FFT's Best of the Premier League weekend: Games, goals and moans
Performance of the week: Liverpool (vs Chelsea)
Sometimes it's too easy to translate a winning performance in a big game into genuine significance. The Premier League's broadcasters have always prioritised marquee fixtures and so, inevitably, the temptation is to overstate simple victory.
But Liverpool did produce a worthy display on Friday night and, as is becoming a weekly habit, they showed us something new. There may not be anything novel in watching them win at Stamford Bridge, they've developed a recent trend for that, but the manner of their victory was striking. Against the division's superpowers, Jurgen Klopp has typically reverted to counter-pressing type. His record against the traditional top-four clubs, evidenced in wins away to Chelsea and Manchester City last season and Arsenal this, owes much to that approach and each of those games were memorable for the manner in which Liverpool absorbed pressure, pressed intensely and converted possession turnovers into smartly taken goals.
So this was different. Klopp's team was the power this time. Chelsea had brief surges of momentum but, Diego Costa's goal and the minutes immediately afterwards aside, the Reds exerted a real control. This was not a game plan we are used to seeing from Liverpool; they played on the front-foot and, for long periods of the game, controlled the ball in the opposition half. Particularly impressive, too, given Roberto Firmino's absence.
Since his arrival at Anfield, Klopp had won just one of the 10 league games in which the Brazilian was unavailable and that's easy to understand: his blend of work-rate, technique and distribution is integral to Liverpool's multi-movement attacking. In his stead, his teammates produced their most impressive showing of the season, though. With Jordan Henderson providing the stable midfield base, the advanced five were able to strike a balance between their typically intense harrowing and smart, economic use of the ball. It made Chelsea vulnerable and, for sustained periods, locked them inside their own half.
The "heavy metal" description of Klopp's football is catchy but ultimately reductive: it suggests a high-spirited chaos which does his style a disservice. Friday's Liverpool may have bustled with the usual energy, but their play was characterised by more lift-music calm than power-chord frenzy; this wasn't a win built on breaking furiously into space, but a tactical masterclass memorable for its composure. The post-game discussion might focus on Adam Lallana's number of sprints, Henderson's goal, or Sadio Mane's dancing menace, but – with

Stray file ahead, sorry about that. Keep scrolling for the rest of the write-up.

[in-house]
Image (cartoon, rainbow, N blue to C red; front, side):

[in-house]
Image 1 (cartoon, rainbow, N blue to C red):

If they sustain this level of improvement, they will become a substantial threat at the top of the table
the exception of Daniel Sturridge – four of the front five had pass completion rates in excess of 83 per cent. That may be a superficial statistic but, considering how dangerous Liverpool often looked in advanced positions, it's a reliable measure of their intelligence and accuracy with the ball.
Klopp's players are becoming more individually noticeable, but more importantly they now appear to exceed the sum of their parts. While still capable of pyrotechnics, this side is more remarkable for its ordinary qualities: for its precision, its resilience and its ability to dictate the shape of a game. What that truly means in the long term, who knows, but if they sustain this level of improvement they will become a substantial threat at the top of the table. With each passing week, Liverpool are showing themselves to be capable of winning games in different ways and three points at Stamford Bridge saw them pass another yardstick.
Best Player: Jordan Henderson (for Liverpool against Chelsea)
Inheriting the Liverpool captaincy from Steven Gerrard was an unenviable task for Jordan Henderson. He is neither Gerrard's equal as a footballer, nor does he enjoy the same natural bond with the surrounding city and so, inevitably, he has paled in comparison. He makes the right faces and gestures but, at times, he's seemed too preoccupied with imitating his predecessor. Gerrard was a natural leader whose influence and playing personality transcended games. By contrast, Henderson leads through example and his skill-set equips him more for honest hardwork than game-winning heroics; it may be peripheral to his performances, but it's nonetheless an interesting struggle to watch.
On Friday, however, he left a Gerrard-shaped indent on the game in southwest London. As mentioned above, Klopp's side was unexpectedly controlled in the capital and while it had been assumed they would cede possession to the hosts and attack on the break, they played much of the football beyond the halfway line. Henderson may not have been the most visible part of that, but he was the foundation of it. He was the centre-point between a defence which never looked as vulnerable as it should have done and a forward line whose ball-retention within Chelsea's final-third was outstanding.